In 1994, it was demonstrated that, whereas post-poliomyelitis syndrome patients who used nasal NVS for sleep experienced O2 desaturations every 6 to 20 minutes, severely fragmented sleep, and often mean O2 sat less than 95%; 22 of 27 (82%) post-poliomyelitis syndrome mouthpiece lipseal users’ O2 sats remained normal (>94%) and they had better quality sleep (JBCV93). Eighty percent of the lipseal users also had maximum end-tidal carbon dioxide (ETCO2) less than 45 mmHg during sleep (JBCV78). Patients using mouthpiece NVS without lipseals, like nasal NVS users, demonstrated a “sawtooth” pattern of O2 desats, and their O2 sat often averaged less than 95% (JBCV15,PPS3). These NVS users’ O2 sats decreased because the ventilator delivered  air (insufflated air) leaked out of their noses and mouths. At the O2 sat nadir, they had arousals, of which they were usually unaware, resulting in reflexively triggered oropharyngeal muscle activity to cut off the leak, and their O2 sats returned to normal.


Sleep NVS users who were hypercapnic during daytime hours and those receiving sedative medications had greater insufflation leakage and decreases in O2 sats while using NVS during sleep than unsedated people whose CO2 remained normal during daytime hours (JBCV78). Also, administration of supplemental O2 resulted in greater insufflation leakage, higher sleep CO2, and less effective nasal NVS during sleep (JBCV15,JBCV93). Thus, it is very important to avoid sedatives and O2 administration for NVS users. When excessive leak using the open systems of nasal or mouthpiece ventilation causes symptoms such as brief arousals gasping for air (about 3% of the time or 5/168), NVS users can be switched to using oronasal interfaces for NVS delivery. The 5 (of 168) lipseal NVS users with excessive leak closed their ventilation delivery systems by sealing their nostrils. They placed cotton swabs in their nostrils and covered the nostrils with tape every night (JBCV78). As for all older adolescent and adult patients, volume-preset ventilation was used for most NVS users at volumes of 800 to, in this case, 2000 mL with physiologic backup rates (JBCV78).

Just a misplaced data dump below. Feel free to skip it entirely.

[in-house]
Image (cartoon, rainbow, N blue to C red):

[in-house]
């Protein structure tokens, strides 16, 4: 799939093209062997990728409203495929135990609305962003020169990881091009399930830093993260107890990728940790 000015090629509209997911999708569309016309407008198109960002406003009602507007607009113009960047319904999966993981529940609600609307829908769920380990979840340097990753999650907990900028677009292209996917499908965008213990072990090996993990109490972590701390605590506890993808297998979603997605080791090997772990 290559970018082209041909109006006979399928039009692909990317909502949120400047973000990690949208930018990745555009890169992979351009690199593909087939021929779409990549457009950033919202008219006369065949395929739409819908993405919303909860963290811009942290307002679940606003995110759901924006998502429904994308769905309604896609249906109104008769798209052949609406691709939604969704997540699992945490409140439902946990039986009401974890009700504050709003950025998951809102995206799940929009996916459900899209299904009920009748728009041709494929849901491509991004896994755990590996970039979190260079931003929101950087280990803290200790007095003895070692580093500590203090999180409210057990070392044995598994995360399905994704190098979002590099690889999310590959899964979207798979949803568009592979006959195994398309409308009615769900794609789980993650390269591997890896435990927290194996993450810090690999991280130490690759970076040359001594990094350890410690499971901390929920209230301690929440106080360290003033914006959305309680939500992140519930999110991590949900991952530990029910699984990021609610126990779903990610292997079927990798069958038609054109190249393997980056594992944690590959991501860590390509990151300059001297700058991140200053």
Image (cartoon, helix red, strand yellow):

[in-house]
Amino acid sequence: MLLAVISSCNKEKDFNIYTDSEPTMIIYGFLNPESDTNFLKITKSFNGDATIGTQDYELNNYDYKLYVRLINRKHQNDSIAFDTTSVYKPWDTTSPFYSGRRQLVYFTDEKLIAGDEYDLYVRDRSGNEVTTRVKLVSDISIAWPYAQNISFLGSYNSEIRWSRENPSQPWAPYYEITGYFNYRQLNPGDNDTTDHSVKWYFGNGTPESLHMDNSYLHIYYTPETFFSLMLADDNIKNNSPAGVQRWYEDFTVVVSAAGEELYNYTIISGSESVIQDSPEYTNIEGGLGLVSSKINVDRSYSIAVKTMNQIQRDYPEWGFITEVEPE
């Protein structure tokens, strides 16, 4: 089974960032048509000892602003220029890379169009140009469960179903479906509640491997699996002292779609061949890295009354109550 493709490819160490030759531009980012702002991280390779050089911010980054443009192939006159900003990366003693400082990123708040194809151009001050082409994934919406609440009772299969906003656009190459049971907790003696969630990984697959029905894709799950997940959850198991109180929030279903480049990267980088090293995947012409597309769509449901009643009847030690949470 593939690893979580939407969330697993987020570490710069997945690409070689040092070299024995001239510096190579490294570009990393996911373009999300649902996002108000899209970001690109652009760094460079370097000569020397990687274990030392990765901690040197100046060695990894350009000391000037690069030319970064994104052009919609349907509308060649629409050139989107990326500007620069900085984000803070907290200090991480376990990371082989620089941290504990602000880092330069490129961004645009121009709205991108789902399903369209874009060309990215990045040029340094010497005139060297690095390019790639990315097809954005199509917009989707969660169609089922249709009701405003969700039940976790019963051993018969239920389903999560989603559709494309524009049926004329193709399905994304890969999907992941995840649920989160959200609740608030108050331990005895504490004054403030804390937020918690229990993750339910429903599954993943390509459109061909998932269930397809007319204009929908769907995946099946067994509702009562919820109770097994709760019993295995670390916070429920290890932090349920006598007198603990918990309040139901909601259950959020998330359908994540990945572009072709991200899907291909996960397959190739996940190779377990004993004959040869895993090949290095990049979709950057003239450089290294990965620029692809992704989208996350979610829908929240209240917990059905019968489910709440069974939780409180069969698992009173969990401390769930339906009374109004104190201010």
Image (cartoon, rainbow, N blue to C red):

By 1995, of the 145 post-poliomyelitis syndrome NVS/CNVS users with mean VC of 710 ± 568 mL, 73 were late-onset and 72 were CNVS-dependent since acute poliomyelitis (JBCV92). Post-poliomyelitis syndrome patients, who had required no ventilator use during the acute period, were also described (JBCV35,PPS4). The 73 late-onset NVS users began NVS a mean of 29 ± 12.1 years post-polio (range 3-59) and had been using NVS for 13 ± 9 years even at that time. Forty-one progressed to require CNVS including two who had not required ventilatory support acutely (JBCV92). The avoidance of tracheotomy permited 59 of the CNVS users overall to master glossopharyngeal breathing for ventilator free breathing. Their average VC was only 481 mL, but their average glossopharyngeal breathing maximum single breath capacity was 2133 mL (JBCV92). Twenty-four post-poliomyelitis syndrome CNVS users with no ventilator free breathing ability at all could use glossopharyngeal breathing for hours and, indeed, up to all day if necessary (JBCV92).





Because post-poliomyelitis syndrome patients generally have intact or nearly intact bulbar-innervated (throat) muscle function, they are almost invariably easy to extubate and decanulate to CNVS and mechanical insufflation-exsufflation (MIE) irrespective of the extent of their dependence on respiratory support. Forty-seven “unweanable” post-poliomyelitis syndrome patients NVS/CNVS users were intubated 118 times and successfully extubated to CNVS without a single one requiring tracheotomy (JBCV126). More recently, another 13 “unweanable” post-poliomyelitis syndrome patients were successfully extubated to CNVS and MIE (JBCV197,JBCV235).





One hundred fifty eight post poliomyelitis syndrome patients, including many who were CTMV dependent, were decanulated to CNVS. Their pneumonia and hospitalization rates decreased significantly, whereas the pneumonia and hospitalization rates of the NVS/CNVS users who agreed to and underwent tracheotomy increased significantly on TMV (JBCV126). In 1993, we reported having decanulated 32 post-poliomyelitis syndrome patients from TMV/CTMV to NVS/CNVS (JBCV54). Since all of these CNVS users had access to MIE, none were ever re-trached and only four died from complications associated with their requirement for CNVS (JBCV54). More recently, 4 additional PPS CTMV users were successfully decanulated to CNVS (JBCV232).